Way back in February 2019, I decided to take a trip to Cromford in Derbyshire. It was after my visit there that I came up with the idea of visiting all 76 stations in the East Midlands Ranger Area. If you are a regular reader of this blog, then you’ll know that I am almost a third of the way through it.
However, I decided recently to go back to Cromford, and also Whatstandwell. When I was in Whatstandwell at the end of May, I walked along a small part of the Cromford Canal, so I knew it was there. After a bit of research online, I found that I could walk from there all the way up to Cromford, via High Peak Cross. I had planned to wait a while before going back to Cromford, but it was such a lovely and warm September day, whereas it was raining last time I was there, so I decided to go today, Friday 20th September 2019.
The journey, as usual, began at the architectural wonder that is Burton on Trent station. From there, I travelled to Derby, and then changed trains for Whatstandwell. Normally, I would buy paper tickets and pick them up at Burton station before travelling, but this time I decided to buy e-tickets on the East Midlands Railway app. I haven’t used e-tickets before, but it turned out to be really easy to use, and there were no problems with the ticket inspectors on the trains. I did print the tickets at home as well, though. Just in case.
My train arrived at Whatstandwell at around quarter past eleven. I crossed over the footbridge over the tracks which leads straight on to the canal towpath. From there, I walked alongside the algae-ridden canal. I saw a sign saying “Cromford 2¾ Miles” after about ten minutes. Twenty minutes of walking later, I saw another sign saying “Cromford 3 Miles”. Either I was going backwards, or they had moved Cromford a quarter of a mile since I started on the route there. The scenery in Derbyshire is absolutely breathtaking. If you’ve never been, I would urge you to make the time to visit the Peak District.
The path was fairly busy, with cyclists and middle-aged people wearing hats in abundance. After about an hour of walking in the glorious late summer (or is it early autumn?) sunshine, I arrived at High Peak Junction. The site incorporates the former workshops of the Cromford & High Peak Railway, and is now a tourist attraction. There is a shop and café there, and also the High Peak Trail begins here. The High Peak Trail follows a former railway line, closed in 1967, from High Peak Junction up to near Buxton in Derbyshire. I stopped off at High Peak Junction for a short rest and also to take a few pictures before I started on the final leg of the walk towards Cromford. I didn’t want to stick around for too long anyway; a sewage works is also located nearby, and it smells a bit fresh on a hot and sunny day.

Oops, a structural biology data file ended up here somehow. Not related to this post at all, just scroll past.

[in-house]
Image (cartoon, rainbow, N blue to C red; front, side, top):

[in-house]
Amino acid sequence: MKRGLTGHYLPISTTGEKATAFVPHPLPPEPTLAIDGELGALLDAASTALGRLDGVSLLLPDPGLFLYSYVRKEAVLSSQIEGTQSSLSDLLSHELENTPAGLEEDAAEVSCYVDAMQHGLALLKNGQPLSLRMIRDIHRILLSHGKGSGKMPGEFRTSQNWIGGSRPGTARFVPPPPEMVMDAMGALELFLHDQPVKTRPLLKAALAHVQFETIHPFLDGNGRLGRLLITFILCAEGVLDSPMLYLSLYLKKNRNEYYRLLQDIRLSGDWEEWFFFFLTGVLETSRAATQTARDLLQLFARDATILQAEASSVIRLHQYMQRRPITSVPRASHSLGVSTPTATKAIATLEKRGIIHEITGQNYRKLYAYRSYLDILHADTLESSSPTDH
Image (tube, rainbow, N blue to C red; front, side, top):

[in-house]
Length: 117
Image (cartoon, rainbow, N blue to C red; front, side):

In a break with blog tradition, I ended up going in the right direction from High Peak Junction towards Cromford. The railway line ran alongside the towpath for a while until it got near to Matlock Rugby Club’s pitches, where it diverged off towards Cromford station. It wasn’t far until the end of the canal, at Cromford Wharf. Like High Peak Junction, it is now a tourist attraction, with a café on site and picnic tables near to the car park.
When I arrived in Cromford, I found I didn’t have much time to explore, just under an hour. The Cromford Mill is literally across the road from Cromford Wharf, so I went for another look around there. It was a lot busier than it was on the rainy day in February when I was last there. It also looked a lot better in the sunshine than it did in the rain.
After about twenty minutes of looking around the mill, I headed for the village centre. I was thirsty and hungry after my long walk, so I popped in to Arkwright’s Village Store for a “Cornish-style” pasty and a bottle of water. It’s a nice little shop, with friendly staff and a wide range of stock. You can even buy a pair of tights there, should the need arise.
I had a wander up The Scarthin, a road which passes the Mill Pond, and is home to Scarthin Books, an independent book shop and café. Unfortunately, there wasn’t time for me to visit there.
My train back to Derby was due, so I had to make my way to the station. I was alone on the platform, so I took a few pictures while I was there and also ate my pasty.
My train arrived just as I was finishing it off, so that was perfectly timed. The train weaved its way through Derbyshire, back to Derby, from where I caught the next train home to bring a memorable trip to an end. Thanks very much for reading.